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Latest insights and trends in Personal Analytics, Operational Intelligence, and Workplace Productivity.

Jan 04
Why Measuring Yourself Makes a Difference

Last summer in this blog I posted a calculation of the monetary value for our typical personal data. It came out with 10 Euros per year for most of the large Internet companies and up to 40 Euros for the most successful ones.

Continuing the thread, we should ask once again if those data have a greater value when we use them ourselves. My first idea was to simply look at time savings, which resulted in several hundred Euros a year benefit for those who analyze themselves to understand their work and personal life habits.

Now I think that is probably correct, but oversimplified. Most of the true innovations change the nature of what we do, and this goes well beyond the simplistic concept of having lower cost of doing the same things as before. Take the classical office suite (Word, Excel, PowerPoint, Outlook) as an example. Would you be typing slower on a typewriter? Probably not. An overhead projector slide is quicker to draw with a felt tip pan, and Excel is useful only if you invest your time in learning how to build formulae and scripts. Outlook would be worst of them all as e-mail is now universally described as a productivity killer and bookstores are full of tutorials explaining how to send and receive less e-mails. And what comes on top of this all is that paper consumption has dramatically grown in the process of replacing old office techniques with the new electronic tools.

So why would large companies and private persons keep using all those “productivity tools” and keep paying for them, if they do not produce more output in the same time but only consume more resources? The answer is simple: because they make a difference in experience.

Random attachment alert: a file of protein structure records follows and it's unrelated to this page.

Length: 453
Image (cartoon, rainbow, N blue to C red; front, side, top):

It is not “more of the same in less time” that we get with these products, but rather a different sort of things that we can now do. The whole thing with e-mail is not that it would let you write more person-to-person messages in a given time. It is about sending your message and having it received everywhere in the world within minutes. That was not possible before, and it is possible now, and this is why we are willing to pay.

Some numbers: regular mail is still quite popular in Germany, and Deutsche post makes about 9,5 billion Euros in annual revenues with the traditional postal service. If we ignore the questions of methodology for the sake of making a simple argument, that would be 115 Euros per person per year or less than 10 Euros per month, with the profit margin of 5 %. You would actually pay more for an Office 365 subscription, and Microsoft would make a 15 % margin on this business. From this perspective, e-mail looks like a luxury version of traditional mail, so people are willing to pay more and the makers of it can generate more profit. Despite of the broad criticism of the concept itself that e-mail distracts you and is ultimately evil.

The same logic applies to measuring yourself and analyzing your work and life habits. This is a new sort of technology product, and it gives you something you could not have in the past. In the past, you would not really know how you spent your yesterday. And you would not really know which people take most of your time. Neither would you be really sure that you have been working on that important presentation during all that long intercontinental flight last week (probably this is what you want to believe, unless you know that you actually watched three movies on that same flight).

Does this knowledge make you more productive? Maybe, if you are capable of changing your habits once you know what they really are. But one way or the other, it makes a difference.

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